to  tell  the  letters  of.] 
  1.  A  story;  a  tale.  [Obs.]  ``Hearken  to  my  spell.'' 
  2.  A  stanza,  verse,  or  phrase  supposed  to  be  endowed  with 
  magical  power;  an  incantation;  hence  any  charm. 
  Start  not  her  actions  shall  be  holy  as  You  hear  my 
  spell  is  lawful.  --Shak. 
  From  Webster's  Revised  Unabridged  Dictionary  (1913)  [web1913]: 
  Spell  \Spell\,  n.  [OE.  speld,  AS  speld  a  spill  to  light  a 
  candle  with  akin  to  D.  speld  a  pin,  OD  spelle,  G.  spalten 
  to  split,  OHG.  spaltan,  MHG.  spelte  a  splinter,  Icel.  spjald 
  a  square  tablet,  Goth.  spilda  a  writing  tablet.  Cf 
  {Spill}splinter,  roll  of  paper,  {Spell}  to  tell  the  letters 
  A  spelk,  or  splinter.  [Obs.]  --Holland. 
  From  Webster's  Revised  Unabridged  Dictionary  (1913)  [web1913]: 
  Spell  \Spell\,  v.  t.  [imp.  &  p.  p.  {Spelled};  p.  pr  &  vb  n. 
  {Spelling}.]  [AS.  spelian  to  supply  another's  place.] 
  To  supply  the  place  of  for  a  time;  to  take  the  turn  of  at 
  work  to  relieve;  as  to  spell  the  helmsman. 
  From  Webster's  Revised  Unabridged  Dictionary  (1913)  [web1913]: 
  Spell  \Spell\,  v.  i. 
  1.  To  form  words  with  letters,  esp.  with  the  proper  letters, 
  either  orally  or  in  writing. 
  When  what  small  knowledge  was  in  them  did  dwell, 
  And  he  a  god,  who  could  but  read  or  spell.  --Dryden. 
  2.  To  study  by  noting  characters;  to  gain  knowledge  or  learn 
  the  meaning  of  anything  by  study.  [Obs.] 
  Where  I  may  sit  and  rightly  spell  Of  every  star  that 
  heaven  doth  shew,  And  every  herb  that  sips  the  dew. 
  From  WordNet  r  1.6  [wn]:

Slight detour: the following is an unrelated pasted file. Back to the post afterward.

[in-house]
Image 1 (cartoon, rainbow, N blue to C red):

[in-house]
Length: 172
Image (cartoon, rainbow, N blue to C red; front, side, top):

n  1:  a  psychological  state  induced  by  (or  as  if  induced  by)  a 
  magical  incantation  [syn:  {enchantment},  {trance}] 
  2:  a  time  for  working  (after  which  you  will  be  relieved  by 
  someone  else);  "it's  my  go";  "a  spell  of  work"  [syn:  {go}, 
  {tour},  {turn}] 
  3:  a  period  of  indeterminate  length  (usually  short)  marked  by 
  some  action  or  condition;  "he  was  here  for  a  little 
  while";  "I  need  to  rest  for  a  piece";  "a  spell  of  good 
  weather"  [syn:  {while},  {piece}] 
  4:  a  verbal  formula  believed  to  have  magical  force;  "he 
  whispered  a  spell  as  he  moved  his  hands";  "inscribed 
  around  its  base  is  a  charm  in  Balinese"  [syn:  {magic  spell}, 
  v  1:  recite  the  letters  of  or  give  the  spelling  of  "How  do  you 
  spell  this  word?" 
  2:  indicate  or  signify;  "I'm  afraid  this  spells  trouble!"  [syn: 
  3:  write  or  name  the  letters  that  comprise  the  conventionally 
  accepted  form  of  (a  word  or  part  of  a  word);  "He  spelled 
  the  word  wrong  in  this  letter"  [syn:  {write}] 
  4:  place  under  a  spell  [ant:  {unspell}] 
  From  Jargon  File  (4.2.3,  23  NOV  2000)  [jargon]: 
  spell  n.  Syn.  {incantation}. 
  From  The  Free  On-line  Dictionary  of  Computing  (13  Mar  01)  [foldoc]: